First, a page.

This week in an online event, 10 candidate States publicly spoke to an audience of around 200 people on their pledges as incoming Human Rights Council members for 2022 – 2024. They also faced questions on pressing human rights issues from both States and civil society organisations.
ISHR is committed to addressing all forms of discrimination and promoting diversity and inclusion, both internally and through our programmatic support to women human rights defenders, LGBTIQ rights defenders, and anti-racism defenders, among others.
Unfortunately because of deep-rooted discrimination and stereotypes related to gender and sexuality, women human rights defenders face multiple and intersecting forms of discrimination and violence – both because of the work they do and because of who they are. Women human rights defenders are detained and tortured in retaliation for their work to challenge patriarchy and demand an end to discrimination and violence. ISHR played an instrumental role in lobbying States at the UN Human Rights Council to call for the immediate and unconditional release of detained Saudi women human rights defenders and accountability for their torture.
Social movements taking to the streets to demand racial justice are met with disproportionate force from police and armed security forces. Working together with affected people and communities, and as part of together with a broad civil society coalition, ISHR played an instrumental role in:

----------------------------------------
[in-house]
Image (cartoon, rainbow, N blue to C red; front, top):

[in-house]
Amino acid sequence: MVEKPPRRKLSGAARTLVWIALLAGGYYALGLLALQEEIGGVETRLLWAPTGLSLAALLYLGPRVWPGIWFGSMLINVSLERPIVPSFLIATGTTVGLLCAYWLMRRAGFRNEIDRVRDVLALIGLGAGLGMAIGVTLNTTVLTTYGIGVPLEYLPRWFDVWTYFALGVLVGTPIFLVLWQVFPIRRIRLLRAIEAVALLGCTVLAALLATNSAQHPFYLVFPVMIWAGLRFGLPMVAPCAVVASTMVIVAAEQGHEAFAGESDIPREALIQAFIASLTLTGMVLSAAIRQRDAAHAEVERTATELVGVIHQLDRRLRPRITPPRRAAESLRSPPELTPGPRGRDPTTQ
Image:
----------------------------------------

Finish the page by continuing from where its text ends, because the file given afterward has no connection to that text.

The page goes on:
- pushing for the UN Human Rights Council to convene an urgent debate in June 2020 on systemic racism and police violence and to centre and elevate the voices, experiences and expertise of Black people and people of African descent.
- calling on the Council to establish an independent international expert mechanism to address systemic racism and promote racial justice and equality for Africans and people of African descent through the adoption of a resolution in July 2021.
These developments are a testament to the resilience, bravery and commitment of victims, their families, their representatives and anti-racism defenders globally.
ISHR has played a significant role in supporting progress on the rights of LGBTI persons and communities at the UN, assisting LGBTI communities and defenders to participate in and have their voices heard.
We played a leading role in developing the Yogyakarta Principles on Sexual Orientation and Gender Identity and the Yogyakarta Principles plus 10; as well as contributing to the creation and renewal of a the first UN Independent Expert on violence and discrimination on the basis of sexual orienetation and gender identity. Oour work with LGBTI rights defenders strengthens international and regional protections against violence and discrimination.